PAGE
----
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Re: Fogged Window repair
« Reply #5 on: May 26, 2012, 07:19:29 AM »
I had my large passenger side window repaired at Oklahoma City Glass.  Their organization was poor and when they
finally got my window back together, I noted a large smudge on the inside that they missed. 

My driver's side is fogged and your post has encouraged me to a DIY project.  I may also make this my first post on
How I Did It, "HIDI" when I tackle the repair.  I think I will find the repair parts (butyl tape and dessicant) before I
take it apart.  I suspect they are available from local glass shops. . .

Thanks for the encouragement.
Larry and Loretta Dodd
2002 Winnebago Adventurer 33' & 2011 Jeep Rubicon
2005 Harley Davidson Ultra Classic - Firefighter Edition
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rvgrs

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Re: Fogged Window repair
« Reply #6 on: July 11, 2012, 05:53:21 PM »
we had our foggy windows in our Holiday Rambler fixed by RV Glass Repair Services in Greensboro NC.  We had the cockpit frame removed and shipped it to them.  They de-fogged the sliding window and fabricated a new insulated glass unit for the stationary one.  Their turnaround was quick and we were very pleased.

Seajay

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Re: Fogged Window repair
« Reply #7 on: July 11, 2012, 07:09:49 PM »
This is me book marking and copying all this about fogging windows.   We have a 2000 Pace Arrow with double pane windows and not one of them is ''foggie''.   I have read about the high priced places that can fix the windows as necessary and I was curious as to a method of ''doing it myself'' as I am a big believer in ''the self fix'' when possible.   Anyhow.   Pix would be nice and addresses of these companys that sell or repair double pain windows would be nice .....

Many thanks.....

God bless our vets and troops and all those that sit and wait for them to come home ....cj..
Second generation U.S. Navy
Seajay the sailor man
God bless our troops and bring them home safe
God bless our veterans.... All gave some.. Some gave all that we might be free.....

Molaker

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Re: Fogged Window repair
« Reply #8 on: July 11, 2012, 07:20:00 PM »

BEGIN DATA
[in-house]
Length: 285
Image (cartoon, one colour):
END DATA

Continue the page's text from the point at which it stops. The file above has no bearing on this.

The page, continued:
I'm glad I tried instead of spending $275. It was fun except for cleanup of that black sticky stuff!   
The best thing I've found for cleaning up the "black sticky stuff" is more black sticky stuff.  Roll it in a ball and work it a bit then daub it hard against the residual and jerk back.  I think you'll find most of the residual will be removed with a few daubs.
Tom & Joyce and Ditto the "don't tell her she's a dog" Westie
U.S. Navy (Ret)
2014 Winnebago ERA 24' class B

captsteve

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Re: Fogged Window repair
« Reply #9 on: July 11, 2012, 07:36:12 PM »
Capt Steve has the Conn, Trina navigator ( Admiral )
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Seajay

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Re: Fogged Window repair
« Reply #10 on: July 11, 2012, 07:44:03 PM »
Seajay,

I did mine look for my post here      http://www.rvforum.net/SMF_forum/index.php?topic=52686.msg495546#msg495546

very interesting ... just one question ...
What is 5200 sealer and where do I get some please ...
also.... Remind me to give you ten cents the next time I see you please........cj...

Thank a vet for your freedoms ....... Some died to give them to us......think about it ...cj

Edit: Fixed quote.
« Last Edit: July 11, 2012, 07:45:32 PM by Tom »
Second generation U.S. Navy
Seajay the sailor man
God bless our troops and bring them home safe
God bless our veterans.... All gave some.. Some gave all that we might be free.....

Alfa38User

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Re: Fogged Window repair
« Reply #11 on: July 11, 2012, 09:15:59 PM »
5200 sealant is made by 3M and available at Home Depot among other places. Note though that it is also a glue and anything stuck together with it will not come apart without destroying the piece. 3M does make 4200 which does not have the adhesive properties of 5200. I have used both on the boat at one point or another, but I was not pleased with 4200 2 years ago when I used it on the trailer as a caulk. It yellowed almost immediately and turned very brittle in a short period. Might have been caused by the sun exposure but I doubt it. Never had that problem on the boat and there is usually little shade on that.
Stu
Montreal, Canada
Snowbird, SW Florida
Alfa Gold 38 (2000) 5ver